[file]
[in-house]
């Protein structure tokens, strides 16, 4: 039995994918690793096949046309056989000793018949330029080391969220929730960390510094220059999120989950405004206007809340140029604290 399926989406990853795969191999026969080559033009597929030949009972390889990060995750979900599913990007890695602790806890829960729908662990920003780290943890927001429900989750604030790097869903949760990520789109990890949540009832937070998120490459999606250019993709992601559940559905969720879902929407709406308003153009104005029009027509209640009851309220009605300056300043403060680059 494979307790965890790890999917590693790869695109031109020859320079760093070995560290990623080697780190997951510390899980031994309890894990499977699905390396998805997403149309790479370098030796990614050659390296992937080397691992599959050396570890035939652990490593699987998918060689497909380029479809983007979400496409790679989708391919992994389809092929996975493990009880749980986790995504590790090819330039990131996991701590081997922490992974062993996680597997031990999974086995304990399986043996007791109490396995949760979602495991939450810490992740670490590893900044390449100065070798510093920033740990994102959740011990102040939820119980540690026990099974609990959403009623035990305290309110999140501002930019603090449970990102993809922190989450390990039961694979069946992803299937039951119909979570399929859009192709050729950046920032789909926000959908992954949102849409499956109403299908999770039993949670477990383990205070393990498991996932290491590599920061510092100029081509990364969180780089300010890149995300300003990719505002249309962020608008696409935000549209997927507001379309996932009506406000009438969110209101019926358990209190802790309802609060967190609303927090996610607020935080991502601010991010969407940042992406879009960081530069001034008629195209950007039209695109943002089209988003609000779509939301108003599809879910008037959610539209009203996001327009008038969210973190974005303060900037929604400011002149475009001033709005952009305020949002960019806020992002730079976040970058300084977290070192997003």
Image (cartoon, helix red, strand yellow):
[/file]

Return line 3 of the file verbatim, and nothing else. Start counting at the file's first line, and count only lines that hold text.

Image (cartoon, helix red, strand yellow):